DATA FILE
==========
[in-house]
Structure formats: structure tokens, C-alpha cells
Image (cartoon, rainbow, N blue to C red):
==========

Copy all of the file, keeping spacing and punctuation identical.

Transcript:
[in-house]
Structure formats: structure tokens, C-alpha cells
Image (cartoon, rainbow, N blue to C red):